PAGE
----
They can’t stay at a hotel because they have no money, so they decide to go to the apartment of their former housekeeper. Now, it’s important to note that their former housekeeper, Inez, does not live in the projects. She lives in what appears to be a pretty standard, lower middle-class apartment complex. While walking up to Inez’s door, the sisters pass by a man on his way to his door. The man doesn’t even look at them, but he is black. So what do the girls do?


Look at him, scream, and run up the stairs! Okayyyyyyyy!!

Anyway, everyone with the company is telling the girls they need to sell it to Fabiella (Anjelica Huston . . . why??), which will earn them $60 million each. Not to mention Fabiella tells the sisters that as “one businesswoman to businesswomen,” she will take care of their careers, including employing Tanzie as a chemist (without going to school for it). And, for the record, Fabiella is not evil. But because the sisters are stubborn and stupid, they turn her down. Instead, they decide to get to the bottom of the scandal and enlist help from love interests: for Tanzie, it’s Rick, a lab assistant that she continually mistakes for a valet; and for Ava it’s Henry (Lukas Haas), a lawyer who seems to at first only interact with Ava because it’s amusing, and then realizes she is putty in his hands as long as he stands closely to her and speaks softly to her. Henry isn’t evil, either, but it’s so funny to me how his character is obviously just putting the moves on Ava. Eventually we find out that Tommy (Brent Spiner . . . again, why??), the sisters’ father’s friend, is evil and is actually behind the scandal. So Tommy is fired and the company becomes more successful than ever, because I’m pretty sure that’s how businesses work.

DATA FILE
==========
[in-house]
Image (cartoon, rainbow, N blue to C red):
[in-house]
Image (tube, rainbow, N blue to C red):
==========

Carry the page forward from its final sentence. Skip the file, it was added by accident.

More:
Besides everything else wrong, including just the insane stupidity, Material Girls was written as if it took place in 2000. Examples: Fred Durst is mentioned, two members of Good Charlotte make a cameo, and the sisters are obsessed with Erin Brockovich (which came out in 2000). I like to think that this was written around 2000 but was just shelved for 6 years . . . but then one has to wonder what happened in 2006 that made this movie seem makeable?

This movie is such a total failure that it quickly moves past funny and straight into depressing.


When we’re trying to figure out what to watch we generally watch Food Network/Cooking Channel in our apartment. When we eat, we are generally watching one of those as well. So it was recently that Haylie Duff, Hilary Duff’s sister, obtained her own show on one of those channels. I had no idea who she was other than that she looked a lot like Hilary Duff. Her show is boring but the worst part of it is the fact that it’s called The Real Girl’s Kitchen. Nothing about Haylie Duff is a “real girl.” She’s super rich and just hangs out with other rich people. And the show represents this. It’s just really funny to think that she feels what her life is on the show is what the modern woman experiences.